Acute flaccid myelitis, or AFM, is a rare but devastatingly debilitating neurologic disease in children caused by a respiratory viral infection. The condition affects the nervous system, in particular the gray matter of the spinal cord which can result in sudden arm or leg weakness, a loss of reflexes, and a degeneration of muscle tone. Children affected may also experience difficulty with swallowing, neck or back pain, and drooping eyelids.
The disease, which bears symptomatic similarities to polio, has been confirmed in over 600 children in the United States since case tracking was initiated in 2014. Over 90 percent of AFM cases were reported in young children and cases appear to be on the rise. Cases often tend to peak between August and October, when respiratory viral infections often peak.
A collaborative effort between researchers at Vanderbilt, Purdue, and the University of Wisconsin-Madison have recently made a significant breakthrough in the hunt for ways to treat AFM, as described in a publication in Science Immunology. The team looked to natural immune responses for answers, identifying human monoclonal antibodies that bind specifically to the respiratory virus responsible for AFM. First identified in California in 1962, enterovirus D68 (EV-D68) belongs to a family of 100 other non-polio enteroviruses.
Antibodies are Y-shaped proteins produced by immune cells called plasma cells and play a critical role in the neutralization of invading pathogens such as bacteria and viruses. Scientists at Vanderbilt began with taking samples of these antibody-producing immune cells from children who had been infected by EV-D68. Specialized techniques were used to grow the cells under laboratory conditions and isolate the antibodies capable of most strongly binding EV-D68 and inactivating it. These, like other clinically-approved antibody-based drugs on the market, have the potential to be used therapeutically.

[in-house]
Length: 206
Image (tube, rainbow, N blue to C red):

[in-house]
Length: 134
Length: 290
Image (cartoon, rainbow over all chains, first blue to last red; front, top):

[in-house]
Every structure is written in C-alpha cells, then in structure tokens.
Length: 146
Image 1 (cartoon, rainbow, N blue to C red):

Next, the structure of the antibodies was analyzed by teammates at Purdue, which allowed scientists to identify the precise sites on the virus recognized by these antibodies. Of the panel of anti-enterovirus antibodies discovered, one molecule was shown to be particularly potent at resisting infection. In a series of experiments in mice, this antibody protected the mice from symptoms including paralysis when administered prior to or subsequent to EV-D68 infection.
Further validation and clinical translation are planned as future steps for the research targeting AFM, for which there is currently no treatment or cure.
"We were excited to isolate potent human antibodies that inhibit this devastating polio-like virus, and these studies will form the basis for taking them forward to clinical trials," said Dr. James Crowe, director of the Vanderbilt Vaccine Center.